There’s one thing Joanne doesn’t cover in her post that, for me, is one of the biggest advantages of using timers and alarm clocks for writing. And that’s that it allows me to be fully present. We live in such an overscheduled world that I think we’re in a constant state of distraction, always wondering in the backs of our minds what time it is; checking the clock can become both a mode of procrastination and an obsession. When I have a timer running, I know someone else is keeping track of that time. I know that when an allotted amount of time has passed, the device will notify me. So time becomes of no concern, and that’s incredibly liberating.

That’s why I use alarm clocks not just for writing, but for almost everything. I set them for when I should be heading out after lunch with a friend, so that I can spend all my time with that friend listening to her and not glancing at my watch. I set them when I’m in danger of squandering a whole afternoon digging through a used book shop. I set them when I’m rewarding myself with half an hour of reading time.

We all get the same amount of hours in the day. But I think we can get more done if we let go of the responsibility of keeping track of every minute of them.

Free the Apostrophe –

May 18, 2012

An infographic about the correct usage of the apostrophe that is more fun than the text link I used the other day.

Free the Apostrophe –

National Poetry Writing Month: Magnetic Poetry

April 27, 2009

Not feeling very intrinsically inspired to write poetry last night, I finally whipped out the magnetic poetry for some help:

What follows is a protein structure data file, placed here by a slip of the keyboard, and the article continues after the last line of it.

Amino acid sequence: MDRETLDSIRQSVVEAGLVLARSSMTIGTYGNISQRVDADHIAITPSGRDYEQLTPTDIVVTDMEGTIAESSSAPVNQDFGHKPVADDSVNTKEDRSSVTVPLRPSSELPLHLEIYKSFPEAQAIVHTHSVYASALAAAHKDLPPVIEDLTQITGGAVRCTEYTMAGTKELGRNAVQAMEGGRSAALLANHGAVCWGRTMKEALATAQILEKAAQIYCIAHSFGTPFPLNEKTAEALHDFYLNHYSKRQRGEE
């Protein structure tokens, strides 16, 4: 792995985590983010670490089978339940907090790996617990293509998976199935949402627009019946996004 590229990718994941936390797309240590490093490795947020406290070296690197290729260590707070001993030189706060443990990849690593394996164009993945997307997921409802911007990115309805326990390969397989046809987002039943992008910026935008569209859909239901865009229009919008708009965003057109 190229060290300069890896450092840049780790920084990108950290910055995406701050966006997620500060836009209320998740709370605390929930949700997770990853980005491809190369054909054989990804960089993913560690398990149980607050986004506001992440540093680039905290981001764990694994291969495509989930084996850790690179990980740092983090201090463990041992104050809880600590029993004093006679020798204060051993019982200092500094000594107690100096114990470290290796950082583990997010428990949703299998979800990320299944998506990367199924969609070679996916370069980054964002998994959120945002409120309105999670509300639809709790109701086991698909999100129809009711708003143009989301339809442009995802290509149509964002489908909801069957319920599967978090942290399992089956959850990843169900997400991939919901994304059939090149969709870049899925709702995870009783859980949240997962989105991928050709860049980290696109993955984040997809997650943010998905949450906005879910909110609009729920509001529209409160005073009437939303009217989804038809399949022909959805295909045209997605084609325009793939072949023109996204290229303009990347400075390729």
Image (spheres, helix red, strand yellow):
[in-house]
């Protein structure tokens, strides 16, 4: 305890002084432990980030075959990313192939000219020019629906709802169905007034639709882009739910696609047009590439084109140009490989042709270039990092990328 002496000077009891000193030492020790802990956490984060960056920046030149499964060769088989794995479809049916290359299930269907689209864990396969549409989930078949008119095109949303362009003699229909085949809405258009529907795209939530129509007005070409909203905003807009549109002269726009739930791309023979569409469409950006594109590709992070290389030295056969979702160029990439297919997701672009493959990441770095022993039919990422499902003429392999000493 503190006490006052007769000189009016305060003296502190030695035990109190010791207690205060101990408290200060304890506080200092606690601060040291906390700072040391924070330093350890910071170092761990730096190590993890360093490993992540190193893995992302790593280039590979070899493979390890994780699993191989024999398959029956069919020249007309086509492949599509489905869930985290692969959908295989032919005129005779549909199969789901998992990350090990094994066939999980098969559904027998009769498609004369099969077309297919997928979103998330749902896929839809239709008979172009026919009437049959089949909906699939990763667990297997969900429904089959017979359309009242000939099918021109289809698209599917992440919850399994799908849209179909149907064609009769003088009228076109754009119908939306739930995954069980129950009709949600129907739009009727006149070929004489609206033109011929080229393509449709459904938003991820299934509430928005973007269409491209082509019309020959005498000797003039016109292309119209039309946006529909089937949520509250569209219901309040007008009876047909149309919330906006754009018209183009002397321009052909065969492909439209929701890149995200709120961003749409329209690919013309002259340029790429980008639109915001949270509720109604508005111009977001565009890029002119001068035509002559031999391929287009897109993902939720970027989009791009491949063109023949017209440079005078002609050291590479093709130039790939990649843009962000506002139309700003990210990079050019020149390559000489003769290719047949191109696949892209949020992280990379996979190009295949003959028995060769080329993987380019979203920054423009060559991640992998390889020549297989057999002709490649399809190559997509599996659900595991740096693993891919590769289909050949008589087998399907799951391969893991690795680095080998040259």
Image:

National Poetry Writing Month Magnetic Poetry, April 26, 2009

National Poetry Writing Month Magnetic Poetry, April 26, 2009

Poems always look more fun as magnets, but in case that image is too blurry, this is the poem:

This storm is

hard music

to face:

A metal rain hurricane.

Water kisses fire;

naked smoke sizzles,

only teasing

the velvet wildflower

beneath your microscope.

I was up way too late doing this last night; I always forget how LONG it takes to make magnetic poetry, especially since I have a fairly large set. In addition to the official MagPo artist, romance, rock&roll, and erotic sets, I also have a set that came with my magnetic poetry journal and various sets not manufactured by MagPo, including a “faith” set, lots of Valentine’s Day sets, and, my personal favorite, some biology-themed set from my former room-mate. I love having words like “genome” and “DNA” in my repertoire even though it’s hard to find uses for them (you can thank that set for the “microscope” used above). Suffice it to say, these sets can make for some rather . . . interesting magnetic poetry combinations.

If you’re feeling inspired, you can now play with magnetic poetry online. If you make a poem, leave it in the comments!